The probability is not dependent on the block time alone, it is dependent on the block time, and how many blocks you wait before considering a transaction complete.
For Bitcoin, generally 6 blocks is considered to be the point after which a chain reorganization that changes the block the tx is in is considered to be impractically due to the cost involved with gaining enough hashpower to roll back 6 blocks.
Due to this, most exchanges and merchants will require 6 confirmations before crediting your account (although, Bitcoin is by far the largest network in terms of mining power, so for certain use cases, even 2-3 confirmations can be considered enough).
Litecoin has a lower block time, and to guarantee the same security, receivers should wait for a greater number of confirmations before considering the deposit complete.
Ethereum, with a block time of 15 seconds, is even faster. Thus, many exchanges will wait for even more confirmations (I've seen up to 50 for ETH and token deposits).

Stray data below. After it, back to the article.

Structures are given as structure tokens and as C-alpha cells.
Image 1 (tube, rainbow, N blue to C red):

The block time alone does not guarantee safety against double spends. Even a 10 minute block-time chain can be double spent if you only wait for a single confirmation. To prevent double spends, you simply need to find the tradeoff point after which it is impractical for someone to roll back the chain.
In most cases, the actual confirmation count used is often less than this impracticality point, since for smaller chains it may require too many confirmations, leading to a usability issue. Thus, exchanges may settle for a lower number of confirmations than required for absolute safety, but still good enough to guarantee it in the vast, vast majority of cases.